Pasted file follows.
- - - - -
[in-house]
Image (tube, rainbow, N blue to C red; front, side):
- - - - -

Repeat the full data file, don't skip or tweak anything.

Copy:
[in-house]
Image (tube, rainbow, N blue to C red; front, side):